Prince Harry leaves royals in 'uncharted waters' as King grapples with dilemma


Prince Harry is one of King Charles' counsellors of states

Holly Bishop

By Holly Bishop

Published: 24/09/2023

- 08:46

Updated: 24/09/2023

- 09:53

Harry's role as a counsellor of state could be taken away from him

Prince Harry has left the King locked in a predicament over his son's legal role within the Royal Family, with constitutional experts warning Britain is in "uncharted territory".

Prince Harry is one of the few Royal Family members who can step in to rule in the King’ absence, however his position could be challenged legally as the prince no longer meets the requisites for the role.

The Duke of Sussex is one of the King’ counsellors of states who can step in to rule if necessary.

However, counsellors of state, must have a UK residence - which Harry no longer has.

WATCH NOW: Prince Harry's UK return

Harry, Meghan and their two children currently live in Montecito, California and the Sussexes' UK base at Frogmore Cottage was taken away from them earlier this year.

Dr Craig Prescott, an expert on constitutional law, said: “We are really in uncharted waters here: the Prince Harry situation is not something the law easily allows for.

“The idea of the second son of the King choosing a life away from royal duties is not something the law has thought about, and I can imagine that Buckingham Palace would be concerned by that.

“The King had the chance to remove him with the counsellor of state legislation last year, but chose not to.”

Harry’s retention of the counsellor of state title has caused a dilemma which the King is trying to resolve.

The line-up for the counsellor estate positions has proved controversial, as three non-working royals – Harry, Prince Andrew and Beatrice were all on the list.

The King later added Princess Anne and Prince Edward to the list, however Harry and Andrew still retain their positions. Many believe that the King allowed them to keep their roles as not to escalate tensions.

According to royal sources, courtiers have discussed leasing a royal estate property to Harry and Meghan to overcome this legal obstacle.


A friend of Charles said: “The King can see that to remove Harry as a counsellor of state would be seen as an act of antagonism and he does not want to do that. If, as a consequence of that, somewhere on the royal estate needs to be earmarked as a pied-à-terre for his son, that seems a reasonable thing to do.”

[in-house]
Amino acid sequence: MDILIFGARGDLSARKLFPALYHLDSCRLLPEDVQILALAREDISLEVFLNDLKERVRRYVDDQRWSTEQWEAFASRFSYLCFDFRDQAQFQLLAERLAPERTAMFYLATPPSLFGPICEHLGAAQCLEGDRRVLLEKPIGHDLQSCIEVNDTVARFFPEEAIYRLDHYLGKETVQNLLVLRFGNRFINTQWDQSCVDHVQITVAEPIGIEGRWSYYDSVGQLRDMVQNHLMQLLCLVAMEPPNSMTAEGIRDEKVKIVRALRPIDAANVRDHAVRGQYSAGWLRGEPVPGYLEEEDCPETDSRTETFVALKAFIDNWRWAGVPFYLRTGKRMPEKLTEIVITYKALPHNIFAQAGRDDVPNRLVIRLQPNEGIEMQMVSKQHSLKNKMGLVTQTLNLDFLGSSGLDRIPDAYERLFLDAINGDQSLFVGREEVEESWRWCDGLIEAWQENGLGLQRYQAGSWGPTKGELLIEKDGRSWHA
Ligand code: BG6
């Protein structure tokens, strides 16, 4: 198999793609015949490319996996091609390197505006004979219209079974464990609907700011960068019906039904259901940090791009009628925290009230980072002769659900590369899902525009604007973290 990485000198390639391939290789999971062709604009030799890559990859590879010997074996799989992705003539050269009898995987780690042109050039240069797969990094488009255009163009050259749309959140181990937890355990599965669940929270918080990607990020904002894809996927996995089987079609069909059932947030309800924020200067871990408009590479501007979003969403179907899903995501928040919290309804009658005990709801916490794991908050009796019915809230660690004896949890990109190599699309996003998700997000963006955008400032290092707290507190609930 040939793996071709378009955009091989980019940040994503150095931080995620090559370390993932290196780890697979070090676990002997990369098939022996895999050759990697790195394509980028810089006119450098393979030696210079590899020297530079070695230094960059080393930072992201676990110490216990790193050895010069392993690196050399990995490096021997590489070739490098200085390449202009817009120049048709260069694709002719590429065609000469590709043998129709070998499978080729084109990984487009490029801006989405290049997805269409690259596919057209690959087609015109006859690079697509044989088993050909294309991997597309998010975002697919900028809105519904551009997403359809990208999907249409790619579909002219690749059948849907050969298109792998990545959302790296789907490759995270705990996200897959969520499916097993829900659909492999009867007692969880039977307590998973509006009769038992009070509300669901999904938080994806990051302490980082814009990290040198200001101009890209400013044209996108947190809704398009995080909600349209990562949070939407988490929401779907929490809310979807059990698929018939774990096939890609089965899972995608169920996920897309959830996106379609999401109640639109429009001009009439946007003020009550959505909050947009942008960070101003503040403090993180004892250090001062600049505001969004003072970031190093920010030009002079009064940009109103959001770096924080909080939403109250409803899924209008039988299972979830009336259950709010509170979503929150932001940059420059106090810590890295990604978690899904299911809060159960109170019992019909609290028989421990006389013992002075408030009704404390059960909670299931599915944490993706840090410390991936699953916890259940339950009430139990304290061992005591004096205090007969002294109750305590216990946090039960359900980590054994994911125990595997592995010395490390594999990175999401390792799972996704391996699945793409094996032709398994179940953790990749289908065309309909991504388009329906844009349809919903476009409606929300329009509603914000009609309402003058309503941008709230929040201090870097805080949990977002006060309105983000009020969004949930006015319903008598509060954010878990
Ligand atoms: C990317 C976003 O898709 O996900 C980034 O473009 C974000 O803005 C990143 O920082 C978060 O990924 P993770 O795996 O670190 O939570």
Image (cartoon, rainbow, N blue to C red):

Buckingham Palace has denied these claims as “not true” and said that temporary accommodation for Harry will continue to be made available to him.

A friend of the Duke’s said: “Meghan seems to have decided that coming back more is not what she wants to do, but Harry would like to. Having a base in his home country, despite everything that has happened, is appealing. There is work to be done here in terms of the charities, and there would be opportunities in the future where he’ll want to be here a bit more.”

The friend said that if Charles offered the Sussexes a home on the royal estate, “it would be an ever-so-slight softening of relations”.

If Harry had a permanent base in the UK once more, then the “uncharted waters” the Duke currently finds himself in, in relationship to his role, would be calmed.

Prince Harry

Prince Harry has no permanent residence in the UK


A UK residence would also help resolve the matter of security. The prince no longer benefits from Metropolitan Police security when he is back home.

Relations between Charles and his younger son Harry appeared to be strained, as just yesterday it was revealed that the prince turned down an invitation from his father and stepmother to come to Balmoral to join them on the anniversary of the Queen’s death.

The Duke of Sussex instead chose to spend it the anniversary alone, before heading to the Invictus Games later that day.

A source close to Charles said: “It frustrates him that personal issues intrude on the public duty. He’d much rather the focus was on his work, not the soap opera of the private life. It is always frustrating when family dynamics overshadow the public role.”

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